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USBC Open Championships Tournament Brings $75 Million to the Local Community

Scott Willis/WAER News

The 48 custom lanes have been dismantled and the Oncenter is definitely much quieter after the U.S. Bowling Congress packed up and left town last week.

Tourism officials and downtown restaurants are looking back fondly at the 107 days the Open Championships tournament was underway. 

According to Visit Syracuse President and CEO Danny Liedka, the impact was overwhelmingly positive.  He says it justifies the investment in the former Hotel Syracuse near the convention center.

“It shows that we can host large scale events in our downtown,” Liedka said. “This gives us great credibility and the ability to go after large groups that have not been here because we have not had a hotel downtown.”

USBC officials are expressing their gratitude to the city, county, and region for welcoming and hosting the bowlers from late March into early July.  Open Championships tournament director Duane Hagen says bowling is almost secondary to getting out and about.

“When you ask them why they come to bowl a tournament it’s not to knock over pins, it’s to see a new city, spend time with their friends in the new city,” Hagen said. “That’s definitely the draw of our event to most of our players.”

He says some ventured out to neighboring counties or even a bit farther out to the Finger Lakes, Cooperstown, and Niagara Falls.  But most stayed downtown, eating and drinking at any number of restaurants and bars.  General Manager of Evergreen in Hanover Square Chris Spencer was glad some bowlers apparently found a favorite spot.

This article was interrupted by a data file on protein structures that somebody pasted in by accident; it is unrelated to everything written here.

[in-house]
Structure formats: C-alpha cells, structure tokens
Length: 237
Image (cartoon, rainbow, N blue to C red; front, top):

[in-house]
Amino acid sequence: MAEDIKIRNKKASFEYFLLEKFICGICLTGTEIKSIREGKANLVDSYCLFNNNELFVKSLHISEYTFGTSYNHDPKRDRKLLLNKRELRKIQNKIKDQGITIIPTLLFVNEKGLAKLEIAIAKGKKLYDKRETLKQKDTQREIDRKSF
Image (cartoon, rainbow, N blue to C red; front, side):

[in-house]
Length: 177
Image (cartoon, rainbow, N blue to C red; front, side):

“There was a group that came in multiple times,” Spencer said. “I know new have good relationships with a bunch of other businesses around town. We actually got a lot of referrals from the bowlers coming into other businesses and then coming to us which is great for the community.”

Hagen with the USBC says the length of the tournament means the organization and its bowlers build a relationship with the host community.

“It’s part of the package that we sell,” Hagen said. “We are going to bring an economic impact. We are going to involve ourselves in your community. We are going to have your community involve yourself in us. So that when we both leave we have memories.  The bowlers have memories of Syracuse. Syracuse has memories of the event being here.”

On top of these memories, perhaps the USBC Open Championship will bring a fresh perspective among those who live here.  Danny Liedka with Visit Syracuse says Onondaga County residents are among the biggest critics of their town. 

“When somebody from another community comes in and sees all that Syracuse and Onondaga County has to offer and they take advantage of it, it sends a great message,” Liedka said. “It’s a great tool for us when we are recruiting new business. That really helps us turn the tide in a world that is so driven by consumer opinion. To have that person coming from afar and give us that positive review is really what we need to push this area forward.”

He says the county spent about three million dollars to bring the USBC to town.  In return, they may have hit the expected local impact of 75 million dollars and pushed Syracuse from last place in hotel occupancy rates to the top of the pack across upstate. 

John Smith has been waking up WAER listeners for a long time as our Local Co-Host of Morning Edition with timely news and information, working alongside student Sportscasters from the Newhouse School.
Scott Willis covers politics, local government, transportation, and arts and culture for WAER. He came to Syracuse from Detroit in 2001, where he began his career in radio as an intern and freelance reporter. Scott is honored and privileged to bring the day’s news and in-depth feature reporting to WAER’s dedicated and generous listeners. You can find him on twitter @swillisWAER and email him at